Article Text

Download PDFPDF
Microbial translocation in type 2 diabetes: when bacterial invaders overcome host defence in human obesity
  1. Benjamin AH Jensen1,2,
  2. Andre Marette1
  1. 1 Department of Medicine, Universite Laval Faculte de medecine, Quebec, Quebec, Canada
  2. 2 Center for Basic Metabolic Research, University of Copenhagen, Faculty of Health and Medical Sciences, Copenhagen, Denmark
  1. Correspondence to Dr Andre Marette, Laval University, Quebec, Canada; andre.marette{at}; Dr Benjamin AH Jensen; benjamin.jensen{at}

Statistics from

Request Permissions

If you wish to reuse any or all of this article please use the link below which will take you to the Copyright Clearance Center’s RightsLink service. You will be able to get a quick price and instant permission to reuse the content in many different ways.

Metabolic endotoxemia, characterised by systemic influx of bacterial components, impairs lipid handling and glucoregulation.1 Early preclinical studies showed that high fat diet feeding facilitates bacterial translocation to metabolic tissues coinciding with dendritic cell (DC)-mediated inflammation.2 This process was aggravated in mice lacking either the canonical adaptor for inflammatory signalling pathways downstream of Toll-like receptor (TLR) families, MyD882 or the intracellular microbial pattern recognition receptor, NOD2.3 The first conceptual evidence for bacterial translocation in human type 2 diabetes (T2D) was reported in 2011 when Amar et al showed that 16S rDNA gene content in blood was associated with future T2D risk.4 These seminal papers pioneered the concept of bacterial translocation in metabolic diseases. Yet, it remains intensely debated whether bacterial translocation to extraintestinal tissues is a true phenomenon or a result of spurious data, as it is notoriously difficult to robustly distinguish biologically relevant bacterial DNA sequences in very low microbial biomass tissues from environmental contaminants.5 6 Indeed, low bacteria:host cell ratio obviously increases the risk of contamination during surgical procedures, biobanking and wet-laboratory processing of tissue samples. This has revivified the tenet that internal organs are sterile and casted doubt on emerging reports of tissue microbial signatures in a number of diseases, arguing that such findings may be confounded by sample contamination.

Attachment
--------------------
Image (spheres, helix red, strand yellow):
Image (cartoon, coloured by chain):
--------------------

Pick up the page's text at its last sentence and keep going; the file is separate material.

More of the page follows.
In GUT, Massier et al challenge again the dogma of sterile internal organs …

View Full Text


  • Twitter @TeamBenLab, @AndreMarette

  • BAJ and AM contributed equally.

  • Contributors BAHJ and AM contributed equally to the concept and writing of this manuscript.

  • Funding The authors have not declared a specific grant for this research from any funding agency in the public, commercial or not-for-profit sectors.

  • Competing interests None declared.

  • Patient and public involvement Patients and/or the public were not involved in the design, or conduct, or reporting, or dissemination plans of this research.

  • Patient consent for publication Not required.

  • Provenance and peer review Commissioned; internally peer reviewed.

Linked Articles